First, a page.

And for good reason. A dramatic change in governance in the United States will likely have significant implications for Canada so Canadian policymakers in both the private and public sectors should be prepared to respond to the new opportunities – and new challenges.
One area where change is likely is the bilateral trade regime. The Biden administration will almost certainly be more inclined to restore a rules-based regime for trade between the U.S. and its trade partners including Canada. This implies fewer unilateral actions taken by Washington against exports from trade partners on dubious grounds of “national security,” a common theme of the Trump administration. In a related manner, the Biden administration will likely be more willing to return to trade resolution mechanisms to deal with trade disputes including restoring the capacity of the WTO to staff trade-dispute tribunals.
A return to a rules-based trade regime is good news for Canadian businesses. Among other things, it will reduce business uncertainty faced by Canadian exporters, which should lower their costs of capital and thereby improve the climate for domestic investment. However, this optimistic perspective must be tempered by current realities in the U.S., which include a relatively high level of unemployment. President Biden has signalled that his economic recovery program will emphasize government purchases from domestic companies and this “buy local” focus may be a major bilateral trade irritant going forward.
A second area of change will be a substantial increase in government spending, especially in alternative energy and, possibly, physical infrastructure programs. Canadian construction and alternative energy companies with affiliates in the U.S. might benefit from what will likely be a major spending effort, as those companies would ostensibly be treated as domestic companies under any buy local conditions attached to the government programs.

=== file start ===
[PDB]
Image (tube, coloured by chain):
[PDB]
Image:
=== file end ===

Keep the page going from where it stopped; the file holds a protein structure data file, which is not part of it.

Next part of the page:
However, a possible and less favourable indirect effect is that increased U.S. government spending might lead to higher U.S. interest rates. Given integrated financial markets, higher interest rates in the U.S. will put upward pressure on interest rates in Canada. The Bank of Canada might therefore raise interest rates sooner than it would otherwise choose to do so or accept significant downward pressure on the Canadian dollar.
Changes in the U.S. tax and regulatory regimes can also be expected. In particular, the corporate tax rate will rise as will personal and capital gains tax rates on upper-income individuals. By themselves, these changes will make the Canadian tax environment more competitive in a bilateral context. It will also make Canada a more attractive location for “star” immigrants such as scientists and engineers. At the same time, higher corporate and personal taxes, combined with a reimposition of a much stronger regulatory regime, might slow the U.S. economic recovery and indirectly dampen Canada’s post-COVID recovery.
And again, we’ve already felt the impact of the Biden administration’s approach to energy policy with the president’s cancelling of Keystone XL, which would have carried up to an estimated 830,000 additional barrels of oil per day from Alberta to refineries along the U.S. Gulf Coast.
Finally, while the Biden administration raises taxes and reimposes regulations in the U.S., Canadian government policymakers should be more proactive in reducing red tape and high marginal tax rates that have hitherto discouraged investment and entrepreneurial activity in Canada. Indeed, there may well be an emerging opportunity for Canada to become a much more attractive location for innovators and entrepreneurs if policymakers in Canada seize the opportunity.
Steven Globerman is a resident scholar at the Fraser Institute.